Founding Editor: Annette Richards
Editors-in-chief: Roger Moseley and Tilman Skowroneck
Volume Editor: Leon Chisholm
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David Hyun-Su Kim
The Keyboard as a Musical Interface
Johannes Keller and Martin Kirnbauer
Tiffany K. Ng
Catalina Vicens and Leon Chisholm
For many readers of this journal, the twelve-note-octave keyboard interface is a deeply familiar technology, structuring the ways in which we make sense of music. Ironically, this very intimacy can make it difficult to assess the fundamental ways in which the keyboard has impacted not only our musical selves, but also the creative practices, technical knowledge, value systems, and identities of its users throughout its long history. Many of the articles in KP XII respond to this quandary, centering the keyboard’s interface in the stories that they tell.
This volume opens with three freestanding essays that cover a wide gamut of topics. First, Christopher Holman presents evidence for patterns of ornamentation in sixteenth-century Swiss keyboard tablatures, providing today’s keyboardists with a lexicon of figures that might be applied to contemporary performances of this repertoire. David Hyun-su Kim then revisits the topic of Clara Schumann’s improvisatory preludes, arguing that they too form a promising point of entry for today’s musicians who wish to inject an element into the performance of music from the past that is at once novel and historical. Finally, Lindsey Macchiarella investigates how the reception of Erik Satie’s music has been conditioned by trends in pianistic performance practice that reflect the preoccupations of the mid-twentieth-century avant garde and recording industry more than Satie’s own complex and variegated approach to the keyboard.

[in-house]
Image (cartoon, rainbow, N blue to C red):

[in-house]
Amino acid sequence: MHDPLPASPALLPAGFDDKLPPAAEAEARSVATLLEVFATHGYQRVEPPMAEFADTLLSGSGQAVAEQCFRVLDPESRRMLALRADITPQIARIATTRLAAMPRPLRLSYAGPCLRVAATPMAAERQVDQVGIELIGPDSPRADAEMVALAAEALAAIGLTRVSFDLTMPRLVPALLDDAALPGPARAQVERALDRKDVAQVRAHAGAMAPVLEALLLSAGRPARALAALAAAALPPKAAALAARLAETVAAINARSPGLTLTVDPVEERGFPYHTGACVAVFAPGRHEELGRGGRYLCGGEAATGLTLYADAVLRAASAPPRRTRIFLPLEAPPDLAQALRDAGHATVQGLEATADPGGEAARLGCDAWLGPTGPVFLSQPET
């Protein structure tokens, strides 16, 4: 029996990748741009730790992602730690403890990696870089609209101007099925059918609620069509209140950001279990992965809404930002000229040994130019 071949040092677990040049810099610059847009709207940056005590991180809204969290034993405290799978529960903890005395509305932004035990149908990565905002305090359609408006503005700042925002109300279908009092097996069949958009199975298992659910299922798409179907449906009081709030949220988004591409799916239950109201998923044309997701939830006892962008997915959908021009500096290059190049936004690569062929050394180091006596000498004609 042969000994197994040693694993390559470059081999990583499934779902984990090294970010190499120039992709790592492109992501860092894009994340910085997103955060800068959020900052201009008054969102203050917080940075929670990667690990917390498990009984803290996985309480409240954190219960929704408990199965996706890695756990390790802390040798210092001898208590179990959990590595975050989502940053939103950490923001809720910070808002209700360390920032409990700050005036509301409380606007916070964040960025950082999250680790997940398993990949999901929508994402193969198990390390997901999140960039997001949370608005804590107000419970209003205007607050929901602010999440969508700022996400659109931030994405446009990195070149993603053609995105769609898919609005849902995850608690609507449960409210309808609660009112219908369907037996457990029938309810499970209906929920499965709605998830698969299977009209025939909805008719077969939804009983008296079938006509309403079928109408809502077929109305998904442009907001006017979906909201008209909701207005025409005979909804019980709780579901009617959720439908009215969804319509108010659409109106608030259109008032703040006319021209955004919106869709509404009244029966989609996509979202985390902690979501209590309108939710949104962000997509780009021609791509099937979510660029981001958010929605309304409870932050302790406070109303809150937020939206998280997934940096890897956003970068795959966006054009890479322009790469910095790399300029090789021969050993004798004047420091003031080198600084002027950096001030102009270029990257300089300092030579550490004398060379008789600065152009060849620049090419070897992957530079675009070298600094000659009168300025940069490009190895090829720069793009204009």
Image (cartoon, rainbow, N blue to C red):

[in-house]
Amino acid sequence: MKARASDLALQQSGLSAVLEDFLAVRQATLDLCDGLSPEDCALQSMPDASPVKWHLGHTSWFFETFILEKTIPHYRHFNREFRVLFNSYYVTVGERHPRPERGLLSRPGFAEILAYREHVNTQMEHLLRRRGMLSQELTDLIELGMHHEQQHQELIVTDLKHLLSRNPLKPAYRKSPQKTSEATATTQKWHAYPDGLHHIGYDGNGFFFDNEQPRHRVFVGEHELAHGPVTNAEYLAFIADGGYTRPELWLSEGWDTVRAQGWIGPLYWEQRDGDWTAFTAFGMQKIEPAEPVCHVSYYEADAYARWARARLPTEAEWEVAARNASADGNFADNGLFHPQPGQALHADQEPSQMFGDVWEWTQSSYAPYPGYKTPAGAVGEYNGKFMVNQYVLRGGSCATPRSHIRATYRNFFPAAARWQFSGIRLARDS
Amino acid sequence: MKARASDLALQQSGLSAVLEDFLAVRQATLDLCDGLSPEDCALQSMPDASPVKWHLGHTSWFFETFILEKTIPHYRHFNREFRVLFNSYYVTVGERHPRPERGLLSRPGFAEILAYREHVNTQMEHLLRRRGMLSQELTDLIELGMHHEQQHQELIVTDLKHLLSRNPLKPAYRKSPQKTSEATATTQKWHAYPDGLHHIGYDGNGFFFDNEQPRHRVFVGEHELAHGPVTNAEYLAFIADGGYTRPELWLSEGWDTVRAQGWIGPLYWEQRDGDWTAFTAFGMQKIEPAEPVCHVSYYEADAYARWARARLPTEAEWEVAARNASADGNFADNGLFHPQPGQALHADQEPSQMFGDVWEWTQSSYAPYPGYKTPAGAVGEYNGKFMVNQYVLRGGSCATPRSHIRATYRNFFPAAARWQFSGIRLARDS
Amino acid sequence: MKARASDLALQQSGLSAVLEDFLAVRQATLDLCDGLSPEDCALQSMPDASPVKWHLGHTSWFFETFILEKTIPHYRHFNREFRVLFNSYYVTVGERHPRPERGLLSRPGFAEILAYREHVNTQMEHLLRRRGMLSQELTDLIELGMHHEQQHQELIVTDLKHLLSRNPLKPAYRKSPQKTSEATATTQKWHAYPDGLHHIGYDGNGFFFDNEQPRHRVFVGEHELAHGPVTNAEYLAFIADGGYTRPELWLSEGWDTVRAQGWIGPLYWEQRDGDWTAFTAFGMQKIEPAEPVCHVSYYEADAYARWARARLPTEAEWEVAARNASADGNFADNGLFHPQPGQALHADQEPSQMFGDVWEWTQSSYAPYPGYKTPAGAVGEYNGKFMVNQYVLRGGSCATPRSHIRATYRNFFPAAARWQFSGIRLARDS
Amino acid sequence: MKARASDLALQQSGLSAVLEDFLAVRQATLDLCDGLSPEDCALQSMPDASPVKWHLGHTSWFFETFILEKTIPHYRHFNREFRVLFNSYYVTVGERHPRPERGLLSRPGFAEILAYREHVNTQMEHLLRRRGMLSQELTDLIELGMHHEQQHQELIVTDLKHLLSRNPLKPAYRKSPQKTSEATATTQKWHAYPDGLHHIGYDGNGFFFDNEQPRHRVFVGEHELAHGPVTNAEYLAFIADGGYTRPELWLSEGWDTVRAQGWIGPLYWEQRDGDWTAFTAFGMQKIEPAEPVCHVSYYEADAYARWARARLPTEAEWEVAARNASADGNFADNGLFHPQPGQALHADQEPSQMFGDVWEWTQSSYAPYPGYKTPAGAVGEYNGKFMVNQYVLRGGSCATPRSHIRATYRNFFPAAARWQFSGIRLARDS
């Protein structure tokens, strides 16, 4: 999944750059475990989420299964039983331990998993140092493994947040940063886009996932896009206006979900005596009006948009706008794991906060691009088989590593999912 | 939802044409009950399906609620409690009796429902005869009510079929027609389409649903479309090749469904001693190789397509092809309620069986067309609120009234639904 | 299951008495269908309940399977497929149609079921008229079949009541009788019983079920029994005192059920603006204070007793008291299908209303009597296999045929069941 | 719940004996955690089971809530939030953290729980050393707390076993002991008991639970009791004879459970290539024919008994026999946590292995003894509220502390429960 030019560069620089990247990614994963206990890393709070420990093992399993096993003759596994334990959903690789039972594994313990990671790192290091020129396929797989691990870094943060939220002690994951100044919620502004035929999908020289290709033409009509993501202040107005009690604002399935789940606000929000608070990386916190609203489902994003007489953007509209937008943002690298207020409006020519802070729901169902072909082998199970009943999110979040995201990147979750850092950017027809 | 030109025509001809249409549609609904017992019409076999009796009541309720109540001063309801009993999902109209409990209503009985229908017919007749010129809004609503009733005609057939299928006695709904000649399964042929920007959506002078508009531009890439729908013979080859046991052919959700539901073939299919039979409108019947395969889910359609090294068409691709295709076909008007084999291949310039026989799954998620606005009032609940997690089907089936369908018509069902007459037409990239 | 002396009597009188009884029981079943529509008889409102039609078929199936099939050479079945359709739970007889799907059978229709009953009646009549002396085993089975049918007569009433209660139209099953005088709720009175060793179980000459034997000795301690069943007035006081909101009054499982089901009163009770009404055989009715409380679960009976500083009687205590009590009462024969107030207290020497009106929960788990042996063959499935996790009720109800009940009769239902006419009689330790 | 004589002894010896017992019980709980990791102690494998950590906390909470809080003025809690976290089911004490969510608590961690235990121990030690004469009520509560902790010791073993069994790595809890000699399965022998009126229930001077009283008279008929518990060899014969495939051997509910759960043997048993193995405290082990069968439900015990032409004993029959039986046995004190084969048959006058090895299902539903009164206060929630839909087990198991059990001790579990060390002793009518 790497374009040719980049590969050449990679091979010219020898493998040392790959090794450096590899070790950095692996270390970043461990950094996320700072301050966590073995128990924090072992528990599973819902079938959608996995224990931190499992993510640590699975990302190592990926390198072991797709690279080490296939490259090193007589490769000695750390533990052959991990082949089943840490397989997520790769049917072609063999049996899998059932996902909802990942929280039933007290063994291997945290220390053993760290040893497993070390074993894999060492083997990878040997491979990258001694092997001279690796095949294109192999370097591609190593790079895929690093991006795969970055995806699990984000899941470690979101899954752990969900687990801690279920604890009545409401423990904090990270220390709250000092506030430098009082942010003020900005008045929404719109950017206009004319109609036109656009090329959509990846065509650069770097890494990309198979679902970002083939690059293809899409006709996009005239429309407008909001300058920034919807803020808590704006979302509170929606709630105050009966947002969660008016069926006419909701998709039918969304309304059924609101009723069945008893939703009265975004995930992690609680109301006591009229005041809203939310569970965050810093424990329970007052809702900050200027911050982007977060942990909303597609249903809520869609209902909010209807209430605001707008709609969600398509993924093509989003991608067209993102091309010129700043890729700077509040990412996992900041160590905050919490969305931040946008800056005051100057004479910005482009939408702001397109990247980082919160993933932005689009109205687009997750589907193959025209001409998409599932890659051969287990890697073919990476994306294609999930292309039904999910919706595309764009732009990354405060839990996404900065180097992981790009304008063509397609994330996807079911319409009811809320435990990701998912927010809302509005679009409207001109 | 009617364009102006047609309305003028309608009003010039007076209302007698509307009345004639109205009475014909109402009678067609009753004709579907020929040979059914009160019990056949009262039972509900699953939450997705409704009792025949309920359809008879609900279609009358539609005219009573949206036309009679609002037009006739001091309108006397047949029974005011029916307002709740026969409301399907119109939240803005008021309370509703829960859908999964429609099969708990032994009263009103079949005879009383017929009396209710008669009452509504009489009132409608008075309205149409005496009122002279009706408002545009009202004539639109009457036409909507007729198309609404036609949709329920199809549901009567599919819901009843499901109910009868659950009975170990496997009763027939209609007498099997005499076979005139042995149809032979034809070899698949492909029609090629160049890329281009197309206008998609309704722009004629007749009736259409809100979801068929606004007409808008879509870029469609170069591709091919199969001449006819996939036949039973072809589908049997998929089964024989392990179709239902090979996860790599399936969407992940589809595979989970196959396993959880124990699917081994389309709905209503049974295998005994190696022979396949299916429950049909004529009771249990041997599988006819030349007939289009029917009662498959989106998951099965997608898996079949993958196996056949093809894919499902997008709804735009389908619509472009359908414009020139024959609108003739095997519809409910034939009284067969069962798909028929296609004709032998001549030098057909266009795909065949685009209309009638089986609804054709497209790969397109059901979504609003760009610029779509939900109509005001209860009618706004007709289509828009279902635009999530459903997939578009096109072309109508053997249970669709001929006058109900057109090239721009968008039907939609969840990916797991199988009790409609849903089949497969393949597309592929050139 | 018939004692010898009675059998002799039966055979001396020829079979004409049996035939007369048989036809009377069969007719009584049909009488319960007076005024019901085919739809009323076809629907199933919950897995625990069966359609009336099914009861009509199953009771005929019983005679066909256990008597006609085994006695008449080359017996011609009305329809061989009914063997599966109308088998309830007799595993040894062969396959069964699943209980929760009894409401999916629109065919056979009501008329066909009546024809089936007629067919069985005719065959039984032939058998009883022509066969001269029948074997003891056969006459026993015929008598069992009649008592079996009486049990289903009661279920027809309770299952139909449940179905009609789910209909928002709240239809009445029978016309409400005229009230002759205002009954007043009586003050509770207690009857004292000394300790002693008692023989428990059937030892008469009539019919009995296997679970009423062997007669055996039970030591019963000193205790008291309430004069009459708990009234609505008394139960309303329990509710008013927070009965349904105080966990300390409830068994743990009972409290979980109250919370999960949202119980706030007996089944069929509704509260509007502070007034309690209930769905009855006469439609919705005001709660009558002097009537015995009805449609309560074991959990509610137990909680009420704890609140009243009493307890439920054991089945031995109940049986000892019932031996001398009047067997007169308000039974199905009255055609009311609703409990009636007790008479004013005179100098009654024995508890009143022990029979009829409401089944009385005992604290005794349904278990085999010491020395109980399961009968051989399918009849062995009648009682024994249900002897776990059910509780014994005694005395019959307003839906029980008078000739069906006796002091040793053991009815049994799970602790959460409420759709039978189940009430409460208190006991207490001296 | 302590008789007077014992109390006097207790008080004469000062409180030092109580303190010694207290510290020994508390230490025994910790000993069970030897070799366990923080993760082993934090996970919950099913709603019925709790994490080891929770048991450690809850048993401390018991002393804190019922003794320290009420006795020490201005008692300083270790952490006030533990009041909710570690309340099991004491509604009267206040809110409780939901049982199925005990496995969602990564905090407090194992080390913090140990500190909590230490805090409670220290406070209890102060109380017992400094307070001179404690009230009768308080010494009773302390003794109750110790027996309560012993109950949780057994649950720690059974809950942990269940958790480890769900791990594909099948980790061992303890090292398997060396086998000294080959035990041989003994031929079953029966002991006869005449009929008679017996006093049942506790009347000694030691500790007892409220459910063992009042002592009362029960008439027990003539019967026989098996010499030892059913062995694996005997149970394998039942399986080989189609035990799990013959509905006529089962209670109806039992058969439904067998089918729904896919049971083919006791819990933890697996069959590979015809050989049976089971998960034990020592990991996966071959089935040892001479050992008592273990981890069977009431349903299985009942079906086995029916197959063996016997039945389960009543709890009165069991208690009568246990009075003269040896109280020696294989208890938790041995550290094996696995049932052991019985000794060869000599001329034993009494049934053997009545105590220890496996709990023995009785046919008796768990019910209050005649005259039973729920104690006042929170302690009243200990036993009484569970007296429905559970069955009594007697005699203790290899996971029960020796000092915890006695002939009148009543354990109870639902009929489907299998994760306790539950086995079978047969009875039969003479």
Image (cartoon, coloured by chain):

The remaining articles in this volume grew out of a two-day conference, “The Keyboard as a Musical Interface: Materiality, Experience, Idiom,” held in 2018 at the Deutsches Museum in Munich and organized by members of the research group “Materiality of Musical Instruments.” With topics that range from medieval organetto performance to the rejection of the keyboard by light artists in the twentieth century, the articles included here chart out a longue durée of the keyboard interface’s impact on the arts and sciences.